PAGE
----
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I live in the United States.

I have read that you can contribute money to a Health Savings Account even if you are no earned income. It that right?

The reason I find it a bit hard to understand is that I understand that when I am 65, I can transfer the money in a Health Savings Account into my IRA without any tax consequences. At that point, I can convert the account to a Roth IRA (paying tax). Do I have this right? It seems to good to be true.

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    What age are you now? Are you married? Do you have or will you have a high deductible health plan? – mhoran_psprep Oct 2 '19 at 18:47
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    Why is that too good to be true? You'd pay tax if you cash out the HSA anyways - all you're saving is the 10% penalty. Plus there's a limit on how much you can roll from an HSA to an IRA. – D Stanley Oct 2 '19 at 19:34
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    Too late to edit, but I realize the penalty is 20% not 10%. Still not quite "too good to be true" IMHO given the limits (and you can only do it once). – D Stanley Oct 2 '19 at 19:40
  • @mhoran_psprep I am 57 and single. I have a high deductible health plan. – Bob Oct 2 '19 at 19:44
  • @DStanley How much can you roll, one time, into your IRA? – Bob Oct 2 '19 at 19:49
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I have read that you can contribute money to a Health Savings Account even if you are no earned income. It that right?

Correct, there is no minimum earned income requirement to contribute to an HSA (source). However, with no income there's nothing to take the tax deduction from and you can't carry that deduction into future years. Therefore you would be missing out on any tax savings from the contributions (assuming they were made outside of payroll deduction).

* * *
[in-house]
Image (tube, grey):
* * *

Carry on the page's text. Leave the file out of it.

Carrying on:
I can transfer the money in a Health Savings Account into my IRA without any tax consequences

Not correct. You can not transfer from an HSA to IRA, but the reverse is allowable (IRA to HSA). However, this transfer can only happen once and must be less than the annual maximum contributions including any personal or employer contributions. You must also be eligible to contribute to the HSA for 13 months following the transfer. Failure to do so will incur income taxes and penalties.

(Source from 53.com, under Frequently Asked Questions)

EDIT: Here are the IRS rules regarding IRA to HSA transfers, from Publication 969:

Qualified HSA funding distribution.

A qualified HSA funding distribution may be made from your traditional IRA or Roth IRA to your HSA. This distribution can’t be made from an ongoing SEP IRA or SIMPLE IRA. For this purpose, a SEP IRA or SIMPLE IRA is ongoing if an employer contribution is made for the plan year ending with or within the tax year in which the distribution would be made.

The maximum qualified HSA funding distribution depends on the HDHP coverage (self-only or family) you have on the first day of the month in which the contribution is made and your age as of the end of the tax year. The distribution must be made directly by the trustee of the IRA to the trustee of the HSA. The distribution isn’t included in your income, isn’t deductible, and reduces the amount that can be contributed to your HSA. The qualified HSA funding distribution is shown on Form 8889 for the year in which the distribution is made.

You can make only one qualified HSA funding distribution during your lifetime. However, if you make a distribution during a month when you have self-only HDHP coverage, you can make another qualified HSA funding distribution in a later month in that tax year if you change to family HDHP coverage. The total qualified HSA funding distribution can’t be more than the contribution limit for family HDHP coverage plus any additional contribution to which you are entitled.

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